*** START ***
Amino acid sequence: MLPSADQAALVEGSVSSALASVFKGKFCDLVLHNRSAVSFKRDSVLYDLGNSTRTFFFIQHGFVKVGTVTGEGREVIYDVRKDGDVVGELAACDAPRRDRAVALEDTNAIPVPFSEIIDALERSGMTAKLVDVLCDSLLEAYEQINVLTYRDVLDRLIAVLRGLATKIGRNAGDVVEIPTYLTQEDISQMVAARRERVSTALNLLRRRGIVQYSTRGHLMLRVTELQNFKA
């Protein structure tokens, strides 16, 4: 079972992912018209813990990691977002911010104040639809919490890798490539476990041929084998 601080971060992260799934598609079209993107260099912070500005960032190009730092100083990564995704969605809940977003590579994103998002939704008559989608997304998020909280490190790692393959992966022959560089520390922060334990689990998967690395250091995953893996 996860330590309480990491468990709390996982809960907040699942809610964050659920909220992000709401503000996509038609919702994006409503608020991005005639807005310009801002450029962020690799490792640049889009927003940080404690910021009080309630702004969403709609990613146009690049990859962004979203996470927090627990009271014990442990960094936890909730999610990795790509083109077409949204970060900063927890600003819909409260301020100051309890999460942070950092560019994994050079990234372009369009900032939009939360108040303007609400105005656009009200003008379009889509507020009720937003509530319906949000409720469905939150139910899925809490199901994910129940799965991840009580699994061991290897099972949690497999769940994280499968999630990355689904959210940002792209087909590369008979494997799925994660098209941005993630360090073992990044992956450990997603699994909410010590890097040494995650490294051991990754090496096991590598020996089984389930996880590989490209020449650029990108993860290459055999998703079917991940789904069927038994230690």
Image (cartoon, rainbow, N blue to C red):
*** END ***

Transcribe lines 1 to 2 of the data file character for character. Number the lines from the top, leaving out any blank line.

Amino acid sequence: MLPSADQAALVEGSVSSALASVFKGKFCDLVLHNRSAVSFKRDSVLYDLGNSTRTFFFIQHGFVKVGTVTGEGREVIYDVRKDGDVVGELAACDAPRRDRAVALEDTNAIPVPFSEIIDALERSGMTAKLVDVLCDSLLEAYEQINVLTYRDVLDRLIAVLRGLATKIGRNAGDVVEIPTYLTQEDISQMVAARRERVSTALNLLRRRGIVQYSTRGHLMLRVTELQNFKA
């Protein structure tokens, strides 16, 4: 079972992912018209813990990691977002911010104040639809919490890798490539476990041929084998 601080971060992260799934598609079209993107260099912070500005960032190009730092100083990564995704969605809940977003590579994103998002939704008559989608997304998020909280490190790692393959992966022959560089520390922060334990689990998967690395250091995953893996 996860330590309480990491468990709390996982809960907040699942809610964050659920909220992000709401503000996509038609919702994006409503608020991005005639807005310009801002450029962020690799490792640049889009927003940080404690910021009080309630702004969403709609990613146009690049990859962004979203996470927090627990009271014990442990960094936890909730999610990795790509083109077409949204970060900063927890600003819909409260301020100051309890999460942070950092560019994994050079990234372009369009900032939009939360108040303007609400105005656009009200003008379009889509507020009720937003509530319906949000409720469905939150139910899925809490199901994910129940799965991840009580699994061991290897099972949690497999769940994280499968999630990355689904959210940002792209087909590369008979494997799925994660098209941005993630360090073992990044992956450990997603699994909410010590890097040494995650490294051991990754090496096991590598020996089984389930996880590989490209020449650029990108993860290459055999998703079917991940789904069927038994230690």